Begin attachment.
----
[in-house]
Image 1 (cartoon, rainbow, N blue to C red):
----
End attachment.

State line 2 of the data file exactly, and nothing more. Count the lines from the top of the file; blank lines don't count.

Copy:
Image 1 (cartoon, rainbow, N blue to C red):